RBC Ministries ‘Discovery Series’ booklets are among several favorite sources of Biblical teaching and context including “The Real Gift of Christmas” by Dan Schaeffer that gave rise to this year’s “Lying in a Manger” ornament inspiration that speaks into the “What’s wrong with this picture?” dilemma. I pray it and my message offered below (on explanation card for ornament recipients) resonates with any and all oddities in your picture as well.
— Glenn (“FarmingtonGlenn”) – Christmas 2014

2014 "Lying in a Manger" ornament

Lying in a manger...

While the baby Jesus “lying in a manger” is the central point of the tranquil scenes we prominently feature among our Christmas decorations, the actual birth event was probably not so tranquil for first time parents Joseph and Mary. The story told in Luke presents the manger crib as a concession because there was “no room at the inn.”

Luke declared that “the time came for the baby to be born,” suggesting no time to second-guess the unlikely birthing place. Perhaps in the quiet after the birth, Mary and Joseph’s thoughts turned again to reconciling the lofty claims offered by angelic messengers to both of them just nine months earlier with this birthplace fit well for animals of labor but not so well for a redeemer king. Had they somehow missed an important cue between then and now?

Could the cards be any more stacked against their baby to enter into the world to be saved at such a disadvantaged position? Where had they gone wrong?

Meanwhile another angelic disturbance was underway in the night sky above the dark pastures surrounding Bethlehem. This time a group of shepherds is the odd audience for a heavenly host of angels heralding a Savior born in the town of David who is Christ the Lord. He is to be found “lying in a manager.”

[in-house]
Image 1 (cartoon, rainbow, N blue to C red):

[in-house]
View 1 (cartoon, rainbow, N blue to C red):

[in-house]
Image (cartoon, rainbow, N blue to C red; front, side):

This time, “lying in a manger” is a sign given to find the right baby among many babies in Bethlehem that night due to families streaming into town to be counted in the census imposed by Caesar Augustus. No other baby would be “lying in a manger,” only Jesus, the one they sought.

But why shepherds? And why send them off to seek the baby in the manger?

God laced every moment of that evening with message and meaning, suggests Schaeffer. To shepherds, lowest on the Jewish societal strata, were given the honor to be first to see the Savior and then to release news of his arrival to the community. What comfort for them to seek their redeemer in a place that they of all people would know where to look and not feel unfit to visit?

Still, imagine their wonder as they searched. What kind of Savior arrives in a stable birthing room and a manger crib that would be unusual even in their own time? Indeed, what kind of Savior?

Then what of Mary and Joseph? Queried Schaeffer, “When the rugged shepherd worshipers arrived to see their child, did Mary and Joseph sigh in relief? Did the joy of confirmation flood their souls, washing away any doubt that might have accumulated in their hearts?”

“I think it did,” he surmised. “The heavenly-inspired visit by the shepherds was an additional confirmation that their present circumstances were exactly what God had deemed.”

So this Christmas, permit this “Lying in a Manger” ornament to be a sign for you as well, an invitation. Nothing about your situation is the least bit odd to God. Rest assured that he is working for His glory and your good. So bring your stuff and yourself to him whatever your current state. Like the shepherds, you are welcome and fit to visit.


Notes:

  1. COMMENTS WELCOME and ENCOURAGED here about how the ornament and/or message struck you ESPECIALLY from ornament recipients. IF YOU WOULD LIKE TO RECEIVE a 2014 “Lying in a Manger” ornament, simply request one by emailing me at FarmingtonGlenn@gmail.com.  No guarantees but if I can get one to you, I will.  If shipping is required, I may ask you to cover those costs.
  2. ACKNOWLEDGEMENTS:
    1. The inspiration for this ornament came from my reading in September 2014 of “The Real Gift of Christmas”, an RBC Ministries ‘Discovery Series’ booklet by Dan Schaeffer.  Link: http://web001.rbc.org/pdf/discovery-series/the-real-gift-of-christmas.pdf